Creating a LiveUSB With Both Windows & Linux
(The Following WinToUSB Article is From Their Site)
If you have a Windows 10/8.x/7 installation ISO/WIM/ESD/SWM or a VHD/VHDX file which have Windows 10/8.x/7 installed, you can use WinToUSB to install it onto an external hard drive or USB flash drive as a bootable Windows USB, then you can carry this bootable Windows USB drive to anywhere and use it on any computer. Please read this guide carefully before performing the create operation.
User Guide: How to use WinToUSB to install Windows onto a USB drive as portable Windows?
1. Connect the destination external hard drive or flash drive to the computer with an installed copy of WinToUSB.
2. Please use the following guidelines to prepare the partitions if you are using an external hard drive to create Windows To Go. You do not need to perform this step if you are using a USB flash drive to create Windows To Go, WinToUSB will help you to format the USB flash drive in setp 6.
- Booting both BIOS-based and UEFI-based computers (Recommended): Please convert the USB drive to MBR partition scheme and create the system and boot partitions. The system partition must be FAT32 format and the boot partition must be NTFS format.
- Booting BIOS-based computers: Please convert the USB drive to MBR partition scheme and create the system and boot partitions. The system partition can be FAT32 or NTFS format and the boot partition must be NTFS format. The system partition and boot partition can be the same partition.
- Booting UEFI-based computers: Please convert the USB drive to GPT partition scheme and create the EFI system partition (ESP) and boot partition. The EFI system partition must be FAT32 format and the boot partition must be NTFS format.
- Both the system and boot partition must be primary partition, and we recommend using Windows built-in Disk Management (diskmgmt.msc) to partition and format the disk. If you use a third-party partitioning tool to format the partitions, Windows may not boot properly.
- The destination boot partition must be a NTFS partition and at least 14 GB.
- The destination system partition must be a NTFS/FAT32 partition. If the destination system partition is a FAT32 partition, then it must be greater than or equal to 40 MB and less than or equal to 32 GB. (The recommended size is 100 – 500 MB.)
- If you have formatted the wrong USB drive, you can use our Free Data Recovery Software Hasleo Data Recovery to recover your lost files.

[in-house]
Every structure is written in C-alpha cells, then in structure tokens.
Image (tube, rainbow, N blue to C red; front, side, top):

3. Run WinToUSB.
4. Click the button, then click the button and select the Windows installation ISO/WIM/ESD/SWM or VHD/VHDX file from the open dialog box.
5. WinToUSB scans for and lists installable operating systems. If you see the edition of Windows you want to install, select it, then click “Next”.
7. Select the system partition and boot partition from the partition list, the selected partitions will be marked as red.
Our Top Pick For Linux is SYSTEMBACK
Install Systemback with the following command:
$: sudo add-apt-repository -y ppa:nemh/systemback
Now open Systemback…
$: sudo systemback
Usage (Following Figures/Text From TechRepublic)
Using Systemback is quite easy. From the main window (Figure A), select the location to house the ISO image (by clicking the … button under Storage Location).
The Systemback main window.
Click the Live system create button and, in the new window (Figure B), give the live system a name, change the storage location (this location will need to have more than 4 GB of available space), and click Create new. You can optionally include user data files by checking the associated box.
Creating the live ISO image.
Note: If your .sblive file is larger than 4 GB, the conversion to a ISO is not possible. This is a file system limitation.
Depending on the size of your installation, the process will take some time to complete, so grab a cup of coffee or administer a server or two. After it’s installed, you should find an .sblive image in the defined storage location ready to convert to ISO. This image can either be written to a USB device or used to create a live ISO image. From the Created Live images window, select the image you want to convert, and then click Convert to ISO. When this process is completed, you’ll find the .iso file in the storage location ready to be written to disk. With that disk, you can then install the live image on other machines.